On October 11, 2008, coming off a happy summer that had involved a great internship and a lot of tree-climbing, I climbed one last tree on the Simmons campus. I sat for a while--it was quite a nice day for October--and read from the dual volume of Ragged Dick and Struggling Upward from my Nineteenth Century American Children's Literature class and from the copy of Much Ado About Anne I'd yoinked from The Horn Book's "No Shelf." When I finally decided to go inside, I guess I didn't properly mind the gap between the branch I was sitting on and the one I wanted to step onto.
Fractured spines and shoulders aren't fun, and the next few months were not my favorite time.
There were certainly good things in the gap between then and now. I graduated from Simmons. I healed enough to work in a great bookstore, and I got to know a lot of wonderful people. But I never liked October 11.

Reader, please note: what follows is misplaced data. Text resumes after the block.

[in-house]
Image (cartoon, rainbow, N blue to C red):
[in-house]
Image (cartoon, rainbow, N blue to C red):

Here's how I spent October 11 this year. I spent it in thoughtful discussions of gaps in children's book content, and of logistical and economic gaps between books and the readers who need them. I spent it surrounded by people who care a lot about stories and how we tell them and how we get them to kids. I spent parts of it behind the registration table and behind bookcarts full of swag bags. I spent it (and the awards ceremony last night) with good friends old and new. And in case anyone requires reassurance, I spent it on solid ground.
These snippets of a story, meaningful to one individual with an overdeveloped storytelling impulse, don't have much children's lit significance. But maybe they mean Pollyanna was onto something.
And they definitely mean that I, like Anne, shouldn't walk ridgepoles.